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Flight Simulator Enjoyment
My R-22 Helicopter Flight
By Scott Westbrook
May 31, 2004, 12:07

What a beautiful moring it was. 58 Degrees, no wind in the northern Texas panhandle. I couldn't have asked for a better day. My Dad drove me out to Flap Air Helicopter Service of Canadian, Texas, owned and operated by Trey Webb.

I had flown with Trey in the past.
Approach 1988
Fifteen years ago, my Dad introduced me to Trey, and at that time he flew an Enstrom. Now days, Trey has come full circle, being Certified Instructor Pilot, Certified Robinson Helicopter Mechanic, and Certified Robinson Helicopter Dealer, and having accumulated some 5500 hours in the Robinson, I felt pretty good about this flight.

Honestly, my main concern was the weight limit. I'm a big guy, 6'4" and pushing 270. It turns out Trey wasn't too concerned, he had heavier people before without problems. I discussed with Trey my involvment with HC, and all the hours spent on Flight Sim. I explained to him I had used it as a tool, and learned the basics of Helicopter Flight, but was in no way expecting too much. All I really wanted was to "feel" the controls as he flew the machine.

Well, we wheeled the R-22 out onto his Helipad. He had performed the pre-flight inspection before our arrival. We performed a quick walk around to ensure all cowl doors were shut and secure, checked radio antennas, and lights. We climbed into the machine, and Trey handed the checklist off to me. The checklist is identical to that which is provided in Flight Sim. I went through the list and Trey had explained the function of each check.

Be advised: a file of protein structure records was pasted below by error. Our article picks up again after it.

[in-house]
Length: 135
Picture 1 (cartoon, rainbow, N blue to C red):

The bird I flew

I turned the key and started the engine. Since the engine was cold, we had to wait for the machine to reach operating temperatures. Cylinder Head temperature and oil temp were the two we watched. After the machine reached the operating temperature, we began the flight.

We started with Trey applying collective just until the skids were light. All the while he was explaining the torque and pedal input adjustments. We lifted up from the ground to a hieght of about twelve feet into a hover. Trey moved the heli out away from his pad and hangar, to an open area the size of a football field. Trey then asked if I wanted to hover. I eased my feet to the pedals, and lightly grasped the cyclic and collective. He gave me a bit of time to get familiar and turned me loose. This is important, I hadn't flown the helicopter in straight and level flight yet. I was all over the place in the initial hover. I couldn't find the sweet spot. The machine was not recklessly out of control by any means, I could hold the altitude, but not the hover, or the yaw of the aircraft. After a few attempts, the last attepmt improved quite a bit. I was under more control, just not rock solid in a hover. Trey took the controls and transitioned into forward flight.